The face of Greek Catholics in the third millennium is undoubtedly increasingly multicultural, and the changes that this Church with strong roots is experiencing do not seem anything abnormal if they are framed within a broader history. The ability to create new syntheses of civilizations is the secret and the greatness of the Mediterranean culture, which has always been based on reciprocal exchanges, not only economic, and on an undefined system of coexistence between different human groups.
The Catholic Church in Greece is a minority presence that, in addition to an historical community of residents, especially on the islands, has in its womb a growing international community. Always a minority in a context in which Orthodox identity is associated and claimed as a founding element of Greek nationality itself, Greek Catholics constitute 0.5 per cent of the population, about 50,000 people, and they are considered a religious minority and not an ethnic one.
To better understand this situation we must consider some statistical data. Greece covers an area of about 132,000 square kilometres and has a population of about 11 million people, of which about 97 per cent profess the Orthodox Christian faith. In the last two decades, however, the number of Catholics in the country has quadrupled, reaching about 350,000 faithful.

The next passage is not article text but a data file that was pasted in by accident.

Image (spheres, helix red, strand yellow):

The first flow of people date back to 1985. In particular, with the collapse of the communist regimes, several hundred thousand Catholics arrived in the country. The Poles alone reached the figure of about 100,000. Then came the Albanians, Romanians and Ukrainians. More recently, with the tensions in the Middle East, it was the turn of the Syrians and Lebanese. And there has been no shortage of Asians: Filipinos, Indians, Sri Lankans.
The latest Catholics to arrive come from the African continent, especially from the sub-Saharan region: they cross the Mediterranean or the Middle Eastern states, and land on the various islands. They are the faithful with the most difficulty, because they are not legal citizens and cannot count on a job.
The majority of Catholics live in Athens, a city of about four million people. But a large number have settled in the Cyclades, where Syros (8,000) and Tinos (3,000) have entirely Catholic villages and parishes. There are Catholics in Corfu (2,500), Patras, Thessaloniki (2,000), Ioannitsa, Kavala, Volos, and in the more distant islands of Rhodes, Kos, Crete, Naxos, Santorini, Samos, Chios, Kefalonia, and Zakynthos.
In addition to Latin-rite Catholics, who represent the majority of the faithful, there are also 2,500 Byzantine-rite Catholics and several hundred Armenian Catholics. (Silvina Pérez)